5 ways to make sports a family affair
Competitive cyclist and co-founder of the Ride for Karen, Kirk Tobias, shares five ways to encourage your family to get active
A family of cyclists
At 11 a.m. on a Saturday morning in July, Liberty Tobias (11) and her sister Brooklyn (7) are standing outside a bakery in King City, Ontario, clutching pamphlets for the Ride for Karen, a charity bike ride in memory of their grandmother who died of breast cancer at age 53.
The bakery is the rest stop for the weekend training ride favoured by the girls’ dad Kirk, a competitive cyclist and co-founder of the Ride for Karen, along with his brother, Kris. The annual fundraiser helps to send children with cancer to camp. As the pack of 100 cyclists arrive at the bakery, the sisters run circles around the bikes, handing out information and chatting with the riders. When the pack races off again, the two girls and their mom, Paula, hop on their bikes and head home to wait for dad. He’ll return in an hour to join them on a more leisurely bike ride, with a stop at the local ice cream shop as the reward. For the Tobiases, cycling is a family affair.
With daily newspaper articles warning of rising obesity childhood rates and the health dangers of desk jobs, the need for regular exercise is common knowledge, yet that doesn’t always translate into an active lifestyle. If you’re among those who need no encouragement and have found a sport you love, getting a significant other, or your child, to join in the fun can be the way for you to inspire your loved ones to get active and stay healthy.
Kirk Tobias agrees. “I believe a big reason my girls love to ride their bikes is because they see how happy I am when I ride – and how proud I am of them when they accomplish their own cycling goals, whether that is participating in a charity ride or just committing to riding to school.”
As an elite cyclist, husband and dad Kirk offers five ways to help encourage family to join you in the sport you love:
1. Start small
If you love to run and your spouse loves the couch, do encourage him to join you but don’t take him out for a 10k on day one, even if he insists he can do it. “You want to ensure that the early experiences with the sport are positive ones. Finishing a long run will might make your partner feel great right when it is finished-but feel awful when he tries to get out of bed the next morning.”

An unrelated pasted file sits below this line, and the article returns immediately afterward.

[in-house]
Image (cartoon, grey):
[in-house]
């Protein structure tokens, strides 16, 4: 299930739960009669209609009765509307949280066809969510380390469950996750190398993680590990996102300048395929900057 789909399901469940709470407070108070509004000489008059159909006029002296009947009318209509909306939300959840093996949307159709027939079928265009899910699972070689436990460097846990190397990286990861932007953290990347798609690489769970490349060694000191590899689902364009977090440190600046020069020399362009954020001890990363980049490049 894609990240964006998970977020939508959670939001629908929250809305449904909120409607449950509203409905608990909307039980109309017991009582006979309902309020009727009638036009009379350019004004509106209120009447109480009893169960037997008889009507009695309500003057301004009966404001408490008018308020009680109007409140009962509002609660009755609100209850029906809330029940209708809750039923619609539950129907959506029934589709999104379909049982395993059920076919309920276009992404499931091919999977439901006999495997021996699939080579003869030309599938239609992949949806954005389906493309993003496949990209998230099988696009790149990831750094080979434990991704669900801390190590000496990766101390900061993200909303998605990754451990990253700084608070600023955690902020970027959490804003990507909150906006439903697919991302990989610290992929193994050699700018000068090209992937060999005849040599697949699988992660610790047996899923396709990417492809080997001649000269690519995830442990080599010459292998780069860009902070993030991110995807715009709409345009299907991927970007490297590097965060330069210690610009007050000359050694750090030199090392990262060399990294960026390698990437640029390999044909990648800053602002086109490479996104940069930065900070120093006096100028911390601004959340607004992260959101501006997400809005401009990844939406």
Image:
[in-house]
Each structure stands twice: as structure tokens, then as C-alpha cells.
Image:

2. Level the playing field
Make it fair so that everyone involved feels like they can win. “I know a couple who love cycling together. But when they met, he raced and she was a recreational rider, so no matter how much she rode, she could never come close to her boyfriend’s speed, and she found it discouraging. The solution was a tandem bike, which meant they could both put in maximum effort while staying together on the road. They’ve been happily riding a tandem together for 12 years now.”
3. Don’t show off
If one of you is better at something than the other, save the fancy moves for days you are on your own. “Don’t sprint ahead to the finish just so that you can say you ‘won’ the run. Don’t return a great serve just to prove how great your backhand is. And don’t sing while climbing a hill on your bike if your partner is struggling behind you. Be a good sport.”
4. Make it (lightly) competitive
This might sound contradictory to the previous advice, but many people are motivated by some good friendly competition, whether it’s the race to the end of the block, or a challenge for who can do the most sit ups in a week or who can hold the plank position the longest. The key to success? “Keep it fun and make the goals achievable for everyone involved, no matter their age.”
5. Have fun!
“Kids are not interested in things like heart rate levels. Kids are interested in riding their bikes to the toy store, the ice cream store, or the movies. Some parents may not agree with this approach, considering it a form of bribery, but you’ll get some exercise and the kids will have a good time, which will motivate them for another ride.”
The Ride for Karen takes place in Vaughan, Ontario, on September 8, 2013.